In honor of his contributions to video gaming, Wendel was awarded the first ever Lifetime Achievement Award by eSports. He was inducted into the International Video Game Hall of Fame in August 2010 and holds a spot in the Guinness Book of World Records.[17]

In July 2012, Topps released their 2012 Topps Allen & Ginter Baseball set, which includes autographs and worn shirt memorabilia cards of Wendel.[18]

Personal life

Wendel was born on February 26, 1981, to James and Judy Wendel and grew up in Kansas City, Missouri.[19][20] Fatal1ty played on his high school tennis team. His parents divorced when he was 13.[21]

He moved to Las Vegas, Nevada in 2006 and lived on the Las Vegas Strip as of 2014.[22]

References

  1. ^ a b "20 Richest E-sports Players". Peta Movies - All Facts And News You Need To Know. 2016-04-26. Retrieved 2019-07-22.
  2. ^ "Gamer 'Fatal1ty' Makes a Living by Winning". NPR.org. Retrieved 2018-04-23.
  3. ^ Forbes 0:25
  4. ^ CBS 60 Minutes
  5. ^ "Where Are They Now: Fatal1ty, e-sports' first star". SI.com. Retrieved 2018-04-23.
  6. ^ "Archived copy". Archived from the original on 2016-09-02. Retrieved 2016-09-02.{{cite web}}: CS1 maint: archived copy as title (link)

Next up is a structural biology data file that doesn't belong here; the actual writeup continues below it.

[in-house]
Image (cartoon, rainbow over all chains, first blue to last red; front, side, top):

7. ^ Fatal1ty On Pro Video Gaming, Forbes.com, December 14, 2006
  8. ^ The CPL Announces Past 1v1 Champions Archived 2006-11-30 at the Wayback Machine, Cyberathlete Professional League, September 15, 2006
  9. ^ World Cyber Games Challenge Pro Player Index Archived 2008-12-05 at the Wayback Machine, The Challenge Network, October 6–12, 2000
  10. ^ "I'm a Gamer", True Life, MTV productions, original broadcast date 3/13/2003.
  11. ^ Championship Gaming Series: Johnathan 'Fatal1ty' Wendel, Gaming Target, June 18, 2007
  12. ^ Prewitt, Alex (June 30, 2016). "Fatal1ty, e-sports' original star, goes corporate as sport enters new era". Sports Illustrated. Retrieved May 7, 2021.
  13. ^ "Jaedong: "It's an honor to be the highest-earnings esports player ever"". onGamers. November 18, 2013. Archived from the original on November 20, 2014. Retrieved August 22, 2014.
  14. ^ "Jaedong becomes the highest earning player in eSports, overtakes Fatal1ty". games.on.net. November 13, 2013.
  15. ^ "WCG 2020 CONNECTED - World Cyber Games".
  16. ^ "Gaming Gear For Professional Gamers". Fatal1ty.com. 2010-12-14. Retrieved 2011-06-21.
  17. ^ "Gaming Gear For Professional Gamers". Fatal1ty.com. 2012-03-06. Retrieved 2012-03-06.
  18. ^ Topps 2012 Allen & Ginter Baseball Checklist[permanent dead link], Topps, July 2012
  19. ^ Mihelich, Peggy (April 24, 2007). "Globe-trotting gamer blasts competition". CNN. Archived from the original on May 17, 2007.
  20. ^ Kendall, Justin (January 12, 2006). "Fear This Geek". Kansas City Pitch. Archived from the original on September 18, 2015. Retrieved November 30, 2015.
  21. ^ Fatal1ty. CBS. Archived from the original on 2021-12-21.
  22. ^ Lingle, Samuel (October 12, 2014). "The once and future king of esports". The Kernel. The Daily Dot. Retrieved November 30, 2015.

External links